Energy producers in Serbia and Kosovo, as a result of the ongoing arguments and tension between Serbia and Kosovo, currently deliver less energy to the European grid than planned. To compensate for that and balance the European network, the overall frequency of the alternating current has been lowered a tiny bit (0,004Hz of 50Hz) across Europe since mid January. Clocks like on our microwave use the frequency of the electric power to keep time. When the frequency drops, their counting slows. The Serbia and Kosovo energy producers caused me to nearly miss my train recently!

So this week I am working in the place that makes the clocks run slow.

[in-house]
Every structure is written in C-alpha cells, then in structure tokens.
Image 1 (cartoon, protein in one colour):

I appreciate the work of science fiction author Charles Stross a lot (his blog is here). At the 34th Chaos Communication Conference (which took place in December in Leipzig, Germany) he gave an interesting presentation. He isn’t much of a presenter, reading from his notes, so go read the transcript that he posted (the video is online as well). With some deserved criticism of the singularity, and corporations as 19th century slow AI, as context blind single purpose algorithms.

And on how exploring the (near) future as SF is becoming more and more difficult:

My recipe for fiction set ten years in the future used to be 90% already-here, 9% not-here-yet but predictable, and 1% who-ordered-that. But unfortunately the ratios have changed. I think we’re now down to maybe 80% already-here—climate change takes a huge toll on infrastructure—then 15% not-here-yet but predictable, and a whopping 5% of utterly unpredictable deep craziness.